March 31, 2013

March of Murals - conclusion

So today, the March of Murals comes to its end. Normally, I don't do commentary here, but I wanted to talk especially about the last two entries: 3/30 and 3/31.

The 3/30 entry was seen on Federal Blvd. Some land is being cleared to build a new store. Workers have uncovered the mural, which had been covered over with yellow paint—I assume for many years.

I drove by it one day, and only a small part had been uncovered. At the time, I made a mental note to return with my camera when I had time. When I came back the next day, much more had been revealed. It occurred to me that, since the store will be built there soon, I was most likely seeing the artwork near the end of its existence. A privilege.

So it is though, that everything does come to an end. At some point, a long time ago, someone went to the trouble of painting all this. After a while, it was painted over, and forgotten. At last, it is revealed to the world once again, only to face its ultimate destruction. In selecting subjects for the March of Murals series, I thought of a mural as "a handmade painting against the wall of a permanent structure," but I have come to realize there is truly no such thing as a "permanent structure".

•     •     •

For the final entry, I had another fortuitous encounter: I originally spotted this mural while it was still a work in progress.

I didn't know it would be there. I was just driving through downtown, looking for stuff to photograph. As it turned out, I happened to drive by this restaurant on March 9, the very day that Oz the Great and Powerful was released in theaters. A few weeks later, the characters had been added, so I went back to shoot the finished product.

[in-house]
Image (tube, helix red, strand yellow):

Also, I got closeups of Dorothy, the Tin Man, the Cowardly Lion, and the Scarecrow:

With the Catholic mural, I was privileged to witness a work of art near the end of its life. This time, I got to see it during its creation. A city is always changing, always in flux, and I enjoyed taking these opportunities to capture that.

Murals have been used since prehistoric times to give expression to faith, to record memorable events, to advertise businesses, to burn off creative energy, to beautify communities, to inject social commentary, and just for fun. It has been my pleasure to wander and drive the streets of Denver, to bring some of them to you. Why don't you go out there, and discover some for yourself? Or better yet, participate in making one?

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